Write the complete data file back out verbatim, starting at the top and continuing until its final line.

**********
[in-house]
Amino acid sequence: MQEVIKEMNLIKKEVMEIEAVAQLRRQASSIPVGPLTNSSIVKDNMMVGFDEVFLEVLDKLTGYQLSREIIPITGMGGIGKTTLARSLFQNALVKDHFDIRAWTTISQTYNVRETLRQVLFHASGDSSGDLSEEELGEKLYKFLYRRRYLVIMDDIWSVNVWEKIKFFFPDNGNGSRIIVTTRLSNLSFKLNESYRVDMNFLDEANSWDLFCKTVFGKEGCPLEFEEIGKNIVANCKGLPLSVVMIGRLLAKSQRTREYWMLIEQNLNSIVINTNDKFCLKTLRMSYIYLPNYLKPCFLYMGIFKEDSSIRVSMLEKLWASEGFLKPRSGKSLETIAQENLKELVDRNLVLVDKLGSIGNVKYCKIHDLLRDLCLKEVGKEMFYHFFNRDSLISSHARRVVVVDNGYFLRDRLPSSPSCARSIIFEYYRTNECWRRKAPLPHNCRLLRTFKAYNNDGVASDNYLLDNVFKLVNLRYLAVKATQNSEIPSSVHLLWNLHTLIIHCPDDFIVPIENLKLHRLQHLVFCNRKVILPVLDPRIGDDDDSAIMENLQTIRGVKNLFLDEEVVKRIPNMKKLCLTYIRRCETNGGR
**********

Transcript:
[in-house]
Amino acid sequence: MQEVIKEMNLIKKEVMEIEAVAQLRRQASSIPVGPLTNSSIVKDNMMVGFDEVFLEVLDKLTGYQLSREIIPITGMGGIGKTTLARSLFQNALVKDHFDIRAWTTISQTYNVRETLRQVLFHASGDSSGDLSEEELGEKLYKFLYRRRYLVIMDDIWSVNVWEKIKFFFPDNGNGSRIIVTTRLSNLSFKLNESYRVDMNFLDEANSWDLFCKTVFGKEGCPLEFEEIGKNIVANCKGLPLSVVMIGRLLAKSQRTREYWMLIEQNLNSIVINTNDKFCLKTLRMSYIYLPNYLKPCFLYMGIFKEDSSIRVSMLEKLWASEGFLKPRSGKSLETIAQENLKELVDRNLVLVDKLGSIGNVKYCKIHDLLRDLCLKEVGKEMFYHFFNRDSLISSHARRVVVVDNGYFLRDRLPSSPSCARSIIFEYYRTNECWRRKAPLPHNCRLLRTFKAYNNDGVASDNYLLDNVFKLVNLRYLAVKATQNSEIPSSVHLLWNLHTLIIHCPDDFIVPIENLKLHRLQHLVFCNRKVILPVLDPRIGDDDDSAIMENLQTIRGVKNLFLDEEVVKRIPNMKKLCLTYIRRCETNGGR